The Dark Art of Social Engineering
"It is only one who is thoroughly acquainted with the evils of war that can thoroughly understand the profitable way of carrying it on."—Sun Tzu, The Art of War
I'm here to teach you what social engineers do when trying to manipulate the human element of a system. Only when you understand that will you know exactly how to defend yourself and your company. As a good friend of mine once said, "It's all about control."
Social Engineers Are High-Tech Con Artists
The art of the con is one of the oldest forms of social engineering. Essentially, con artists try to talk you into doing, buying, or selling stuff that you normally wouldn't. They exploit your confidence in what they're talking about, to their own personal gain. Most cons don't involve anything high-tech at all. But a talented con artist who knows something about networks, computers, and security would be a dangerous individual indeed. These hybrid con artists are popularly known as social engineers.
Before I regale you with stories of social engineering, let me first tell you why I would even know of such things: I'm a professional hacker. My job is to discover all your corporate secrets, all the sensitive data, all the things that would cripple or destroy your company if they were ever to fall into the wrong hands. To neglect the human component of the system that is your company and just focus on the network or the computer infrastructure would be an incomplete view of your total security—and the security of the data you may believe is vaulted away.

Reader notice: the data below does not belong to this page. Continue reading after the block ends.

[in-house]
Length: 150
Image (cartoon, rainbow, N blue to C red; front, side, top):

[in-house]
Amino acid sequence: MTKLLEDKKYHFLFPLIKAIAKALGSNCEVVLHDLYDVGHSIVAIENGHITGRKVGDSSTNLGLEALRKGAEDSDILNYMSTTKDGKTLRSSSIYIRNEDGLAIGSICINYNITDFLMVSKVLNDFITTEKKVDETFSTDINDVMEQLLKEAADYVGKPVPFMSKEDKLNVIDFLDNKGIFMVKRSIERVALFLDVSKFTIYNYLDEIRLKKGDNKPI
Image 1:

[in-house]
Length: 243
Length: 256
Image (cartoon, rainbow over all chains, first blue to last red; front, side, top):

But you're not here to listen to me ramble on about my credentials; you're here to learn exactly how social engineering manifests itself. Put yourself in the situations I discuss here. Ask yourself if you would have said or done something differently.
First, let's focus on what the social engineer is going to attack. The target isn't a firewall or website (well, not yet); instead, it's a living, breathing human being. Humans are a bit harder to fool than bits and bytes, but not if you know how to handle them.
Some computer systems have sophisticated intrusion-detection systems (IDS) that allow them to pick up on any hacking activity destined for your network. If a hacker were to perform an attack against your IDS-protected web server—for example, in a denial-of-service attack—the IDS can detect and stop the attack before it does any damage to your network.
People also have an internal IDS. Have you ever spoken with someone whom you just didn't trust, didn't believe they were telling you the truth, or just didn't feel comfortable around? Perhaps you couldn't put your finger on what it was that bothered you about this person, but it was just a feeling you had. This is your own IDS telling you that something is up. When someone tries to lie to you, or just isn't being forthcoming about the reason for talking to you, little signs in the person's body language, tone of voice, speed of comprehension and response send up red flags that something is not right.
One of the keys to getting someone to give you information you need is to make sure that you don't trip their IDS. I'll outline a few techniques that attackers use to get past those defenses.